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Alien: Isolation’s Crisp Switch Port May Actually Surpass the PS4 Version

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If you’ve never played Alien: Isolation, then you might want to consider picking up the Nintendo Switch version. It’s out today, and our colleagues at Digital Foundry have determined that it’s “actually better than the PS4 and Xbox One versions.”

John Linneman’s report and video on the subject go into great detail about how Feral Interactive’s Switch port of Alien: Isolation manages to outclass the current-gen versions that originally shipped in 2014. The biggest advantage that the Switch version has over the PS4 version is image quality. According to Linneman’s tests, it comes down to how Feral employs a more up-to-date anti-aliasing technique.

As Linneman explains, it’s so superior that even though the Switch version regularly downshifts to lower resolutions, it still outclasses the PS4:

I’ve been arguing that pixel counts simply aren’t as important these days and that’s for good reason. While the PS4 and Xbox One versions are locked at 1080p, the Switch version is substantially cleaner in motion. This is due to a reliance on more modern accumulation temporal anti-aliasing. This approach massively reduces in-surface aliasing and edge shimmering to the point where it looks flat out better than the original console release, even if it is running at a higher pixel-count.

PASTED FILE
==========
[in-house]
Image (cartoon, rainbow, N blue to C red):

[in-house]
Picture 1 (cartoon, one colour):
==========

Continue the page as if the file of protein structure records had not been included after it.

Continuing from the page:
Temporal anti-aliasing, or TAA, is new to the Switch version of Alien: Isolation, whereas the older current-gen console versions use subpixel morphological anti-aliasing, or SMAA. If you’re an expert on all things anti-aliasing technology, then this is enough to tell you why the Switch version of Alien: Isolation looks better in theory.

If you find the anti-aliasing options on PC games to be utterly bewildering, have faith: last year, Digital Foundry made a standalone video that’s dedicated to the progression of different anti-aliasing technologies and the differences between them. The relevant section explaining the advantages TAA has over SMAA starts at around 9:15.

For the sake of learning (it’s fun) and, generally, appreciating games, you should take the time to watch these analyses and learn about how far anti-aliasing has come over the years. Then, as a reward, you can play whichever version of Alien: Isolation you like and end up scared out of your mind regardless of the AA employed. In addition to the $34.99 Switch version which includes all the game’s DLC, Alien: Isolation is still easy to pick up for the PC, PS4, and Xbox One (where it’s a Game Pass title).

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